In the latest instalment of our Top Ten series we look at some great bands which remain (relatively) undiscovered.
Whatever your reason for not having heard of these artists (if too presumptuous, apologies – but moreover, immense praise!), this list is here to save you the time of rifling through a sea of splurge - be it new music or gems from years gone by which somehow escaped you.
This new era of open accessibility has done wonders to the notion of broadening musical horizons, so take a good look at this smattering of everything that, in a sane world, should not be this obscure.
1.Life Without Buildings
This now-split-up art school quartet’s only album ‘Any Other City’ was released in 2000 and the combination of stream-of-consciousness ‘talk-sung’ lyrics, vocal roar, sub-shoegaze jangle and quirky phrasing made for one the finest, most original albums of this century. Loved by the industry but somehow evaded by listeners, it’ll change your life.
Creating soundscapes, talking atom bombs and asking “why do you kiss like a Russian”, it’s a wonder why this Boston based band haven’t attracted more attention. Led by rocket science student (really) Thom Moran, the shamefully unsigned Bon Savants evoke the spirit of early SFA in their hard to find album ‘Post Rock Defends The Nation’.
Is it Queen, Barry Manilow or Elton John circa ‘Pinball Wizard’? Who knows, but two albums and an EP in, it’s certainly the most fun and hyperactive thing you’ll have heard since The Bee Gees. They’ve come up with arguably one of the best lyrics ever: "Sedition's easy baby / Like the forefathers who discovered America / Just like any man who's made you hysterical / Just like the books you read".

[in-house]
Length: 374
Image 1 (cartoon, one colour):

4.Math and Physics Club
Beautifully twee, bringing to mind Belle and Sebastian in their prime, and belonging to indier than thou Matinee Recordings, it’s a wonder music fans this side of the Atlantic haven’t caught on. Nostalgic, pensive, tender and charming, it’s really tough not to find a soft spot for Math and Physics Club, especially with songs as sweet as ‘La La La Lisa’.
10 years ago, three-singles-in-one gem ‘Bingo’ reached the dizzy heights of #22 in the singles charts– it was a travesty. Catch only lasted two singles, despite the inclusion of a marimba and public schoolboy innocence not to mention amazing b-sides such as ‘Bitten By You’, featuring the touching and resonant lyric: “there’s a time in your life when you fall apart / At the throw of a dice you’re back to the start”.
Underground Philopeno-American Offwheezy flourishes with lyrical dexterity, talking philosophy and politics as opposed to whores and guns. Tight beats and proper minimalism on latest album ‘Mainstay’ make this rapper well worth a listen, everything he does has entirely it’s own vibe.
Electro-punk duo from Hull producing something even better than the sassy dance of Le Tigre’s ‘TKO’, there are four free downloads available on their myspace which will have you singing along and dancing in your sleep in no time at all.
8.The Be Be See
Song titles like ‘You K Gold’, ‘Fox’, ‘Artmocker’ and ‘Eye TV’ coupled with the wonderful pun of their name could give the impression of some sort of joke. But this lo-fi indie pop is far from that – in fact, there’s tunage in abundance and the spirit of early Pulp.
9.The Vichy Government
As bizarre as they are intriguing, The Vichy Government’s leader Jamie Manners indulges in a series of quasi-soliloquies best exemplified on ‘How To Become A Cult Figure’, and ‘The Male Gaze’. This is provocative and challenging stuff watered down on a diet of unashamedly shoddy casio fodder.
Voxtrot and Good Shoes come to mind when you listen to the astute strumalong of Glasgow’s Frightened Rabbit, whose 2006 album ‘Sing The Greys’ is being re-released in the hope that it’ll ensnare those it failed to the first time around. Infectious, enthusiastic and melodic stuff.